The chief executive of the Christchurch City Council is defending the decision to give staff 11 extra days of paid leave to cope with the aftermath of the region's earthquakes.
The council's 2400 staff will be able to take an extra day off before Christmas and 10 days between February and November next year.
In a statement, Tony Marryatt says the decision to offer the leave was in recognition of the challenges presented by the quakes and the significant extra efforts that have been asked of staff.
Mr Marryatt said there is still a lot of work ahead as the South Island city repairs damaged buildings and infrastructure and looks to rebuild the central city.
He says the council will need staff to continue this work over the coming years and it is imperative that he engages and motivates staff during this time.
Councillor Glenn Livingstone says while he agrees staff need to be looked after, it will raise debate about the use of ratepayers money and councillors were not consulted about the decision.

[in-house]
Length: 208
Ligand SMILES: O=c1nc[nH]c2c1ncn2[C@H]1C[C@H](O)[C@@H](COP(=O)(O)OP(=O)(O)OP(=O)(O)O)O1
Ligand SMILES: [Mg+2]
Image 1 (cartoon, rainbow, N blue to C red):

Tony Marryatt says he is confident staff can manage their workloads around these support days so the council can continue to deliver the same level of service.
The council's human resources manager Chris Till says says the enormity of the city's rebuild is an extraordinary situation for staff and this calls for an extraordinary response.
But the Canterbury Employers' Chamber of Commerce says the decision is not appropriate or necessary.
Chief executive Peter Townsend says it is bad employment practice and will encourage other workers to ask for the same thing and questioned the financial cost to the council.